I asked Ashley to share with us what it's like to be a caregiver and she wrote this beautiful post:
In February 2008, my husband, David, was diagnosed with Psoriatic Arthritis. We were in our early twenties, having only been married a year and a half. The rheumatologist said we'd caught the arthritis early. He expected David to go into remission. Shortly after his diagnosis, we bought a house, and I was able to quit my full time job to become a housewife.
David's arthritis continued to get worse until January 2009, when he experienced his worst flare ever. He was bedridden. I had to dress him, and help him in and out of the tub. Now David is doing better, but he still has flares and our life is far from normal.
A few weeks ago, I was telling David how much I thought his acupuncture treatments were helping him. He responding by saying that, "Yeah, acupuncture helps, but the Lyrica the doctor put me on, that really helps a lot. I feel a lot better on it."
I was so excited. The Lyrica was helping! David was feeling better. I imagined being able to attend Sunday School in a few weeks. And in a month or two, we'd start walking the dog together after dinner every night. Next summer, David would be able to wakeboard again. We would start going out on dates. We could go to the movies or even bowling!
Reality came crashing down the next morning when David had to leave our church service early because of neck pain. The Lyrica is helping, as are all of his other treatments, but there is no cure. David isn't even in remission.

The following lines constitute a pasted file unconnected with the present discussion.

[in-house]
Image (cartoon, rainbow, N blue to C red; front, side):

You'd think that by now I wouldn't keep getting my hopes up with every new treatment. But every time we change his diet, try a new pill, or see a new doctor, I hope and pray that this is it. That this will be the treatment that puts him in remission.
David and I were high school sweethearts. He's the only guy I've ever kissed. I cannot express in words what it's like to see the man you love disabled. Being a caregiver or well spouse to a young person with chronic invisible illness is really hard. I am constantly frustrated with a pharmacy or insurance company, and I struggle with guilt over not getting David help for his pain sooner. I spend a lot of time researching treatments and tips for David's arthritis and preparing meals that meet his strict dietary needs. I certainly did not expect this season of our life to be about chronic illness.
Psalm 39:6-7 Man is a mere phantom as he goes to and fro: He bustles about, but only in vain; he heaps up wealth, not knowing who will get it. But now, Lord, what do I look for? My hope is in you.
If I had to say what I thought God was teaching me through my husband's chronic illness, I would say flexibility and reliance on Him. When it's time to sign up for the church picnic, we don't. We just tell people, "We'll come if David is feeling up to it that day." The simplest of routines gets thrown out the window if David has a flare. I like my plans and schedules, but apparently God has other plans.
Proverbs 19:21 Many are the plans in a man's heart, but it is the LORD's purpose that prevails.
Most people our age our self-reliant. They've got it all under control. We don't. Not that I've completely perfected relying on God. Far from it. But I can say that I rely on Him and put my hopes in Him more now than I did when David was diagnosed. It took me a really long time to see any good in David's Psoriatic Arthritis. If you are struggling with chronic illness or being a caregiver, you are not alone! I encourage you to read Kerri's story and check out http://www.restministries.org/
You can also read the rest of Ashley's story on her blog, A Young Wife's Tale.
Thank you Ashley!